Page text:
If you’ve been following our ACP journey last weekend, you may notice that something is different about my blog post than those of other editor’s. If you haven’t figured it out, I’ll tell you what it is: you will find no hashtags, personal Twitter handle, or Storify timeline accompanying my blog. You will find straight up words. Let me tell you why.
During Nicholas Whitaker’s keynote speech on Saturday, March 1, he referred to the generation sitting before him with phones, laptops and iPad’s balanced on their knees as “digital natives,” or those who grew up in the age of ever-present technology. Well, that may be my generation, but I don’t feel that I myself am a native to this landscape. I had a notebook and a few pens with me and my phone was (I thought) respectfully tucked away in my bag. While I used to take pride in my disregard of technology, the notion that this may pose problems for me in the future has finally sunk in. And this weekend’s ACP conference is to blame — or maybe I should say thank.
Like The Campanil’s online editor Melodie Miu wrote in her blog post, we are in the digital age of journalism. It is no longer approaching, the changes are no longer on the horizon. We have arrived. And for me, this means that I may have missed the boat. Or at least I’ll have to wait to catch the next one.
I spent much of the conference thinking about what comes next for me. As a graduating senior, I have to think about loan payments and the loss of the safety blanket that is education. So, I frequented panels that touched on these growing concerns. And time and time again, technology became a large part of the conversation. I learned how to build and maintain an effective portfolio (online), how to get a job (by showing all the technological skills I have!) and how to create a larger readership on campus and beyond (by upping my/our online presence). Basically, words — those lovely things I’ve devoted my life to — are no longer enough.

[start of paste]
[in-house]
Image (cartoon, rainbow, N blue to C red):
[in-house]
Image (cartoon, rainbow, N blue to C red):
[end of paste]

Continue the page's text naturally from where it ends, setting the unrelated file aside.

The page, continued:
While I’m scared of the digital landscape, I’m trying to see the bright side of things. I do love a good web-out (my term for hours of aimless internet surfing — what are the kids calling that these days?) and I love the creative and interactive aspects of news outlets from maps to videos to audio and more. So, if I’m not a total technophobe, I can learn it, too, right? I suppose only time will tell.
In the meantime, I will be thinking about how to apply technology more effectively to our work here at The Campanil. I know there are simple things we can do everyday to not only hone our personal skills, but better cover our campus and engage our community. So look out, Mills, we’re back and ready to take on the impossible! Er, I mean, that easy stuff you all do everyday anyway.
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